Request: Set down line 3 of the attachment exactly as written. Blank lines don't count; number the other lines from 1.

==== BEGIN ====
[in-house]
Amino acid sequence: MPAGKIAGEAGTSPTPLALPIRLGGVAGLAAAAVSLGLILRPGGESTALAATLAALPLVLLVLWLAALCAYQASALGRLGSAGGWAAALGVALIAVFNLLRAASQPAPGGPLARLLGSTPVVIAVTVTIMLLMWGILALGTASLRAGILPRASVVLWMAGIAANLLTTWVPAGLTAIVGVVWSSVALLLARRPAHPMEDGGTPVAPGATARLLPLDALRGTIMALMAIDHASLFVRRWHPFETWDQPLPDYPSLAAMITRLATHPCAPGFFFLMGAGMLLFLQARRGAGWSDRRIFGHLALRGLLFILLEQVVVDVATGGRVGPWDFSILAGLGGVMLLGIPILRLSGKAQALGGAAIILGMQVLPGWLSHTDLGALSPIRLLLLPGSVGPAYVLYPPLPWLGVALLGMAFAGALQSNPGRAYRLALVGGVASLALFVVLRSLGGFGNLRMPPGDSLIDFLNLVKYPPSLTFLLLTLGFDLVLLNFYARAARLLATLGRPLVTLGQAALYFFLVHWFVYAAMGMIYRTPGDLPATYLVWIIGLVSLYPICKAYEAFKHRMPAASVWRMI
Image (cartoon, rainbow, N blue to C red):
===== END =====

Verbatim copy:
Image (cartoon, rainbow, N blue to C red):